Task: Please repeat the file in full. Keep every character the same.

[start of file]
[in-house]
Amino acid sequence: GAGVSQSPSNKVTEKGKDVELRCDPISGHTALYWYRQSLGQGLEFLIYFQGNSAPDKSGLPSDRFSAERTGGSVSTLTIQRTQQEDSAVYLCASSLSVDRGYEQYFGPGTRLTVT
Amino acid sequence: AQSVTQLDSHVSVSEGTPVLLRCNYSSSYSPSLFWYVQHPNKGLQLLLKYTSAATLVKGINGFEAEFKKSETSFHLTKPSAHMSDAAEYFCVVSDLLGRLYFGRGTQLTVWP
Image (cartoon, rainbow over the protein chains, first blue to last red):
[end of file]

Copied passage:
[in-house]
Amino acid sequence: GAGVSQSPSNKVTEKGKDVELRCDPISGHTALYWYRQSLGQGLEFLIYFQGNSAPDKSGLPSDRFSAERTGGSVSTLTIQRTQQEDSAVYLCASSLSVDRGYEQYFGPGTRLTVT
Amino acid sequence: AQSVTQLDSHVSVSEGTPVLLRCNYSSSYSPSLFWYVQHPNKGLQLLLKYTSAATLVKGINGFEAEFKKSETSFHLTKPSAHMSDAAEYFCVVSDLLGRLYFGRGTQLTVWP
Image (cartoon, rainbow over the protein chains, first blue to last red):